Wednesday, September 7, 2011

A Novel is Like an Occasion Cake

Most states now have senior projects that are a required research project/class necessary for graduation. When my daughter was a senior, she was obsessed with baking cakes. Not just some box mix thrown together, but the kind you see on Food Network shows. Occasion cakes.

It took her a year's worth of research and practice to build her skills up to make her senior project cake. And she didn't do it alone. I helped her make the flowers, roll the fondant, and stack the cakes. It took an entire weekend and one full school day to assemble this cake. Writing a novel is a lot like making an occasion cake.

A novel can't be thrown together over night. Just like an occasion cake, a certain amount of planning has to take place. The cake artist (because baker just doesn't do justice) develops the cake from an idea. That idea is sketched out from many angles. The flavors, fillings, and color schemes are chosen. Garnish and decorations are planned to match. Like the cake, a story is born from an idea. That idea grows and through plotting, outlining, and structure, a sketch is made. Characters are created and developed, the perfect garnish, and through those efforts, a novel is created.

Occasion cakes, just like stories, take time. My daughter didn't wake up the morning before her project was due and throw together ingredients. She did her research, baked many cakes from many recipes and through trial, error, and practice, found the best cake recipe for the job. A novel isn't born overnight, either. Drafts have to be written and revised. Plots have to be tested and restructured. And after many months of writing and re-writing, a solid story emerges.

An occasion cake isn't a one-person job. The sheets of fondant were huge and it took two sets of hands to knead the fondant, roll it out, and place it on the cakes. I prepped the cake with icing, while my daughter secured the gum paste flowers. Like the cake, a novel can't become a finished product without a little help. Critique partners give that helping hand that a writer needs by offering support, an extra set of eyes, and valuable opinions. Plots and story-structure can be as wide as a sheet of fondant. It takes more than one person to smooth it out.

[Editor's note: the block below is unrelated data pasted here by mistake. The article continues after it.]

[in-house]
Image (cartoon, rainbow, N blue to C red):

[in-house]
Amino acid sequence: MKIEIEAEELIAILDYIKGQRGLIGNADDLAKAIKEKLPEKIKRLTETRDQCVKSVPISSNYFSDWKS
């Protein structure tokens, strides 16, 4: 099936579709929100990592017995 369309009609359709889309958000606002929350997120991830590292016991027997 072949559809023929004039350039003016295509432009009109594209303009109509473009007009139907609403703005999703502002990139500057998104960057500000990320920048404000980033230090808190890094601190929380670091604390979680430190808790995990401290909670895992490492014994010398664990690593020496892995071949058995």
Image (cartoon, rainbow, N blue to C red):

And when everything is said and done, like the occasion cake, the artist can sit back and enjoy her masterpiece. I have to say, though, that there is one difference between a novel and an occasion cake. When we finished my daughter's cake, I felt that it was just too pretty to eat and I didn't want anyone to cut it! With a novel, well, my hope is that the spine will be cracked and the pages, devoured.


Shain Brown said...

But don't forget, a cake can only be eaten once and goes straight to the belly and the hips. A good book can be read as many times as your heart desires.

Matthew MacNish said...

Ooh, Shain makes a good point!

funny in the 'hood said...

I'd like to eat sone cake while reading your book Amanda! But Shain's probably right. I could keep the book forever, but my enjoyment of the cake would be fleeting.